Jun 26, 2012
Despite my general disdain of virtually any and everything relating to feminism, sexual ‘liberation’, and gender politics, every once in a while I find myself exceedingly – if mostly unintentionally – amused by pretentious works of art of this thoroughly deplorable persuasion. Most recently, I had the distinct (dis)pleasure of viewing the man-hating quasi-Freudian film Daddy (1973) directed by Franco-American feminist sculptor Niki de Saint Phalle and British documentarian Peter Whitehead (Charlie is My Darling, Benefit of the Doubt); a work of degenerate-art-gone-awry yet somehow done somewhat accidentally right, but for all the wrong reasons. Although co-directed by Whitehead – a filmmaker best known for documenting the London and NYC counterculture scenes of the late 1960 and creating proto-music-videos for groups like Pink Floyd and The Rolling Stones – Daddy is essentially an embarrassingly intimate and incestuous, as well as contemptuous and sadomasochistic (un)love letter to Saint Phalle’s unfortunate father. Whitehead originally intended to create a documentary about Phalle and her artistic works, but this idea later dissolved into what is one of the most glaringly grandiloquent and inadvertently ludicrous films ever made. Best known for her mostly aesthetically displeasing sculptures (including a horrid blob-like Golem statue located in Kiryat Hayovel, Israel) and paintings, Daddy features many of Niki de Saint Phalle’s childlike artistic creations in various forms, which do a splendid job accentuating the would-be-audacious auteur essence of her discombobulated mind and schizophrenic Electra complex. From the very beginning of Daddy, it is most apparent that Saint Phalle both adores and abhors her dear dad and his pesky philandering phallus. As a daughter of a French banker, Saint Phalle created a rare work that expresses the downright petty personal problems of a spoiled bourgeois debutante whose starvation for attention is played out in such an absurdly hyperbolic and hysterical manner that one would think assume she survived a famine; or at least an overextended third world mass gang raping. In short, Daddy is a patently pathetic and erratic exposition of what it means to have never struggled in one’s life and the rare neurosis such a lavish yet unnatural la-di-da upbringing sows.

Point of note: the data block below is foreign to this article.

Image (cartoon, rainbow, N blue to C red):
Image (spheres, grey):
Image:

Featuring giant cocks in coffins, buckets of blood and naked voluptuous beauties on altars, and elderly pseudo-aristocrats in pancake makeup and drag, Daddy is a decadent daydream for the more debauched members of the blasé bourgeois. Of course, if one can look past the putrid pettiness of Saint Phalle’s next-to-nonexistent personal problems, Daddy makes for an engaging and curiously worthwhile cinematic effort. Divided into chapters by Phalle’s toddler-esque color drawings, Daddy feels like a Victorian Gothic kitsch piece directed by posh preschoolers, except ridden with mostly distasteful fetishistic sex scenarios that would probably only interest demoralized bluebloods and novice swingers. In fact, I would argue that Daddy is like an Alberto Cavallone (Zelda, Blow Job) film had the Italian director taken himself too seriously, and lost his technique and sense of humor, but I guess that is what one would should expect from an ostensibly discordant collaboration between a feminist erotomaniac and an uninspired hippie documentary filmmaker. Lacking any true daughterly affections for her cold, collected, and cunning father, Saint Phalle channeled these eternally desired but never consummated suppressed emotions into an unhealthy and pathological sexual form, thus enabling her to identify with the unloving fornicator and misogynist whose semen she was spawned from on some level; no matter how utterly base, socially taboo, and exceedingly revolting. To appease the bestial appetite of the man whose attention she hopelessly sought, the woman even offers her dandy-like daddy a virginal vixen in between sexually degrading him in a variety of perversely infantile and unequivocally vulgar ways. Needless to say, Daddy is the sort film Sigmund Freud would have lauded as it plays out like one of his fantasy-inspired theories; or would have at least provided him with a masturbation aid. Narrated in an incautiously contrived and ridiculously wooden manner and performed by a cast of incompetent non-actors, Daddy is a work that even Camille Paglia couldn’t have sit through without smirking snidely, yet these flagrant flaws also act as some of the film's greatest and most idiosyncratic attributes.
Although Saint Phalle attempted to reject the conservative values of her family, even causing her kinfolk to decry and shun her art in the process, she inevitably ended up marrying and becoming a mother at a relatively young age, thus turning into her own worst enemy and eventually suffering from a nervous breakdown of sorts. After watching Daddy, I was not the least bit surprised to learn of Saint Phalle’s seemingly hypocritical destiny as her love-hate relationship with her family – most specifically her father – seems so deeply enrooted in her being and artistic creations as expressed so vividly in Daddy that deracinating herself from it could have only resulted in a much more extreme and detrimental psychological break. Whatever I may think of the quality and beauty (or lack thereof) of her art, I do believe that Daddy is a true and genuine artistic expression of the artiste, even if created by a somewhat soulless woman (or an emotional retard if you will) who was probably given more pet ponies than hugs as a child. If there is a film that boldly yet disastrously expresses the stereotype that feminists are often inspired to adopt their ideology due to having weak and decidedly detached fathers, it is incontestably Daddy.
Posted by Soiled Sinema at 12:55 AM
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